From a software point of view it would be good to have universal fonts that can render any Unicode character correctly for anyone in the world. The Unicode consortium has tried to support this by splitting some of the more distinct symbols into separate code points for each language, but it's far from complete and every new version adds many more. The FAQ is a joke - when people point o

      • Thanks for this reply!

        Can you give me an example of a Japanese name that can't be written in unicode? I keep hearing English speakers mention this problem but I've never seen exactly what the problem is.

      • > it would be good to have universal fonts that can render
        > any Unicode character correctly for anyone in the world

        But a line has to be drawn between substance and style. There are two (main) ways to draw the number 4. One has a slanty line and is closed at the top, the other is made of straight lines and is open at the top. Or the number 7. For English speakers it's two lines, but for French speakers there's also a horizontal bar across the middle. Should unicode have two 4's and two 7's, or should

  • Some slashdot editors have failed to notice that incomplete sentences, which are less and less common in the first sentence of slashdot summaries.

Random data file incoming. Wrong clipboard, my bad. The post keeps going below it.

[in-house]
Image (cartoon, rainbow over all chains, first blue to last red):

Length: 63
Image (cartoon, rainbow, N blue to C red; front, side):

Some users have noticed that the Japanese character "no", which is extremely common in the Japanese language

  • by BlueMonk ( 101716 ) <BlueMonkMN@gmail.com> on Saturday July 18, 2015 @09:50AM (#50135233) Homepage
    I have been reading the comments for 20 minutes because I don't understand Japanese, but I still don't understand the problem. There's a Japanese character called no, it looks very much like a lowercase English/Latin "e" rotated clockwise about 80 degrees and then flipped over the vertical axis. Is this being mixed up with something else or rendered wrongly? Can anybody provide examples of what it's getting mixed up with or how or where it's being rendered improperly?